For the one life we have
Does Religion Have a Future?
By John Dalrymple
Where on one hand many value and cherish religion (some to the extent of using the scriptures and rites of the ideology as the basis of their lives) others feel heavily opposed to the concept. With the advances in modern science and the existential answers it proposes – tied with the increasing disillusionment of religion with regards to world conflicts – now is as good a time as any to discuss whether religion has a future at all.
Within this essay, I shall be predominantly arguing for the case that religion does not have a future by focussing on the historic ramifications of its existence and the misuse of its ideologies in addition to its conflict with modern science and technology.
The past and current conflicts caused by religion are reason enough for many people in the modern day to stand in opposition to religion. Almost every major world religion has had some involvement in a war ever since the birth of the common era with many conflicts predating this as well. The crusades, for example, between 1095 and 1291 were instigated by the Catholic Church to claim the Holy Land of Jerusalem from Muslim forces. It is estimated that 1.7 million people died as a direct result of this 196-year conflict . Similarly, the Pakistani-Indian war of 1906 was sparked by a dispute between Hindu and Muslim ideologies  and even more recent is the persecution of the Jews in WWII by the Nazi regime. Perhaps a more contemporary example would be the war on terror between western society and radical Islamic groups such as Al-Qaeda and ISIS. While these are fairly recent, there is also evidence of conflicts BCE (before the common era) for example the Battle of Jericho in which the Hebrew army attacked the city during their conquest of Canaan. The religious backing for such an attack can be found in both the Old Testament of the Bible and also in the Torah, “Take the whole army with you, and go up and attack Ai” (Canaan) [Joshua 8:1].
Moreover, the scriptures of religion have been used to argue in favour of and justify a great number of atrocities. The suppression of women has been supported by all three major monotheistic religions (Christianity, Islam and Judaism) at some point in time. For example women is Saudi Arabia are still banned from driving today due to the strict Islamic state of the country . Slave masters in the United States used verses from the bible to justify their actions for instance the passage, “Slaves are to be submissive to their own masters in everything” [Titus 2:9-10] . Furthermore, the rejection of gay marriage is present in both Judaism and Islam, with certain denominations in the Christian church still opposed to the idea. Oppression as a product of religion has even been clearly demonstrated on a large scale as recently as January 2017 with US President Donald Trump placing an immigration ban on seven majority-Muslim countries .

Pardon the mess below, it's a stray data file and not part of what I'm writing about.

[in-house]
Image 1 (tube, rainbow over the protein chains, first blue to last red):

Conversely, a great number of people stand by the opinion that religion helps to structure and guide us through life. For example, many devout Christians defend their faith by arguing that the life lessons taught in the Bible and the rules, such as the ten commandments (Decalogue), provide a guideline for how to live well in society. Furthermore, the Qur’an verses similar rules that are reminiscent of the Decalogue, “Do not associate another deity with God” [17:22], to name an example. The rules of religion, primarily Christianity, have been the basis of western law ever since the introduction of the judicial system.
Nowadays it is clear that science has become a substitute for religion in many households with 73% of Americans under the age of 30 believing in Darwin’s theory of evolution and natural selection  and a clear decline in those who believe in creationism. A growing belief in Stephen Hawking’s “Big Bang” theory has also contributed to the decline. The following graph illustrates the general decrease in religiosity in major European Nations:
In conclusion, the scepticism and wariness of religion in modern society has and will continue to contribute to its decline. People are becoming increasingly aware that the messages conveyed in religious scripture can be easily misconstrued to propagate a sinister agenda. Perhaps it could be argued that the devastation and loss of life as a result of religiously fuelled wars outweighs the benefits of spiritual faith. It is for these reasons that I do not see religion as it exists today to sustain its existence for the centuries to come.
- Rise and Fall of Fuzzy Fidelity in Europe - David Voas 2009 https://academic.oup.com/esr/article/25/2/155/491158/The-Rise-and-Fall-of-Fuzzy-Fidelity-in-Europe